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August 01, 2011  |  How Feynman learned to crack a safe  |  7331 hit(s)

The physicist Richard Feynman worked on the atomic bomb project at Los Alamos in the 1940s. This was the biggest, most secretive project in the country, and security measures were — at least theoretically — very tight.[1] Scientists were issued safes in which to keep their confidential papers. However, Feynman's restless drive to tinker and to work on interesting problems led him to ponder the puzzle of how to crack these safes.

Turns out that cracking a safe has some things in common with hacking someone's bank account in our present day: while the problem is theoretically hard, it helps tremendously to have some insight into human nature. Safes have some additional weaknesses by virtue of being mechanical devices. OTOH, they don't offer the problem we have today of trying to remember dozens of passwords.

In any event, the passage below (sorry about the length) is from James Gleick's Genius: The Life and Times of Richard Feynman and says something about the nature of security when you've got those darn humans involved. (This is edited slightly for length.)
     Locks mixed human logic and mechanical logic. The designer's strategy was constrained by the manufacturer's convenience or the limits of metal, as it was in so many of the bomb project's puzzles. The official logic of a Los Alamos safe, as displayed in the dial's numbers and hatch marks, indicated a million different combinations — three numbers from 0 to 99. Some experimentation, though, showed Feynman that the markings disguised a considerable margin of error, plus or minus two, attributable to plain mechanical slackness; if the correct number was 23, anything from 21 to 25 would work as well. When he was searching combinations systematically, therefore, he needed only to try one number in every five — 0, 5, 10, 15 ... — to be sure of hitting the target. By thinking in terms of error ranges, instead of accepting the authority of the numerals on the dial, he brought a pragmatic physicist's intuition to bear. That one insight effectively reduced the total combinations from one million to a mere eight thousand, almost few enough to try, given a few hours.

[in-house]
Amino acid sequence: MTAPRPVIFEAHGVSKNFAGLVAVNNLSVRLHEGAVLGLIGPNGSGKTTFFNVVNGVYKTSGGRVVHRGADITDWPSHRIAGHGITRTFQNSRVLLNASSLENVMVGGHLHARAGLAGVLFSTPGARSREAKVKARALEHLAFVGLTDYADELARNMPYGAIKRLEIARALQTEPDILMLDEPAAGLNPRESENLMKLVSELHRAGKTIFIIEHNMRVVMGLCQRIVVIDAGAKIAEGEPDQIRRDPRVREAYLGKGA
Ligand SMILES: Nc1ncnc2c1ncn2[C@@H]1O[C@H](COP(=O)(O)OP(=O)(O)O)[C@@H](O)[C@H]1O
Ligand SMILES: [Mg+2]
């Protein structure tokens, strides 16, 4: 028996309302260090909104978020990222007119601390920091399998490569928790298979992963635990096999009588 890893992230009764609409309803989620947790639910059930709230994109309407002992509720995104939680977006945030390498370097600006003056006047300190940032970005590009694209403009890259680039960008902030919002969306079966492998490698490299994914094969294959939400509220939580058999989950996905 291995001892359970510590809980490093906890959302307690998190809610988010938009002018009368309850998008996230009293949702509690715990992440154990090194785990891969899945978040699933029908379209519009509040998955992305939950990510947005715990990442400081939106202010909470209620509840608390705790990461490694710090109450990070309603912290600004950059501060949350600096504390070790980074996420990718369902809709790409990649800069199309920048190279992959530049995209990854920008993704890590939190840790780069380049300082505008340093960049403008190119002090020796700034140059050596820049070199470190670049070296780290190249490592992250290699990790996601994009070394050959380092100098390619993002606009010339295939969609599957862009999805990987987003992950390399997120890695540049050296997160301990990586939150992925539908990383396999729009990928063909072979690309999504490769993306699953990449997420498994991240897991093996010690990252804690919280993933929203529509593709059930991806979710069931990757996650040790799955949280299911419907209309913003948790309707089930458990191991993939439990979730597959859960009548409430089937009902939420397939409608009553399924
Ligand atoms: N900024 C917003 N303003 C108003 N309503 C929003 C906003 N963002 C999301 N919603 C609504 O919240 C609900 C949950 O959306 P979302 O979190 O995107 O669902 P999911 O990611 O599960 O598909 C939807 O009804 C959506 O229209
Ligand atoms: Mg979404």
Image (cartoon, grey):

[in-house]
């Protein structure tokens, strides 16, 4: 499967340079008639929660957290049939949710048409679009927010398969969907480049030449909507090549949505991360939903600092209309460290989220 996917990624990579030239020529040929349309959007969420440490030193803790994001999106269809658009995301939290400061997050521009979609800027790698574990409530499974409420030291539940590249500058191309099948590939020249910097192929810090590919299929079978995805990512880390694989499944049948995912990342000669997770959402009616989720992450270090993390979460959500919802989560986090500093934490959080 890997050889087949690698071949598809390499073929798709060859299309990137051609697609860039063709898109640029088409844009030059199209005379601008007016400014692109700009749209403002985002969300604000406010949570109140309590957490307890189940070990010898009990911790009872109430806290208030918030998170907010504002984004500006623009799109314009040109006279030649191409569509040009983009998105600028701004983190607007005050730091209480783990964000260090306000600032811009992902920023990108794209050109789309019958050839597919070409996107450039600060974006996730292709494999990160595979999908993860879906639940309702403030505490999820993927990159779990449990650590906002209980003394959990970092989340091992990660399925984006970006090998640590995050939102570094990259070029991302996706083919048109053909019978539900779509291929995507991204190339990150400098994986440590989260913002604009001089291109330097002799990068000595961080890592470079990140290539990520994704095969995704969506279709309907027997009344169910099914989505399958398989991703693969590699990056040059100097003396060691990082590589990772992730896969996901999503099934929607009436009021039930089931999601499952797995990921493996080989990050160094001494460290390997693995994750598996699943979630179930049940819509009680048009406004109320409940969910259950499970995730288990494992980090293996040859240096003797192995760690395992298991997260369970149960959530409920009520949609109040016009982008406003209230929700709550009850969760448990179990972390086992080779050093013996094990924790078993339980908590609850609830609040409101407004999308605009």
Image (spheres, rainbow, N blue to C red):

An American folklore had developed about safes and the yeggs who cracked them. [...] The consummate safeman was thought to need sandpapered fingers and hypersensitive ears. This was pure myth.
     To learn to crack safes, [Feynman] had to find his way past the same myth. Only gradually, as he looked for nuggets of useful information, did he realize how mundane the business really was. Because his repertoire would have to omit drills and nitroglycerin, it would have to make the most of such practical rules as he could find. Some he read; others he learned as he went along. Most were variations on a theme: People are predictable.
     They tend to leave safes unlocked.
     They tend to leave their combinations at factory settings such as 25-0-25.
     They tend to write down the combinations, often on the edge of their desk drawers.
     They tend to choose birthdays and other easily remembered numbers.
     This last insight alone made an enormous difference. Of the 8,000 effective possible combinations, Feynman figured that only 162 worked as dates. The first number was a month from 1 to 12 — given the margin of error, that meant he need try just three possibilities, 0, 5, and 10. For a day from 1 to 31 he needed six; for a year from 1900 to the present, just nine. He could try 3 x 6 x 9 combinations in minutes. He also discovered that it took just a few inexplicable successes to make a safecracker's reputation.
     By fiddling with his own safe he learned that when a door was open he could find the last number of a combination by turning the dial and feeling when the bolt came down. Given some time, he could find the second number that way, too. He made a habit of absently leaning against his colleagues' safes when he visited their offices, twirling the dials like the perpetual fidgeter he was, and thus built up a master list of partial combinations.
This is actually my favorite part:
The remaining trial and error was so trivial that he found himself — for the sake of cultivating his legend — carrying tools as a red herring and pretending that safe jobs took longer than they really did.

[1] Although the project was run by the military, it involved a great many civilians who had little experience with this level of security. (For some scientists, just the opposite — they were conditioned to share information.) It must have been quite a challenge. Which in the end, of course, was only partly successful, knowing as we do now that Klaus Fuchs was leaking information to the Russians, for example.

max   22 Dec 12 - 3:58 PM

Greate article! Thanks!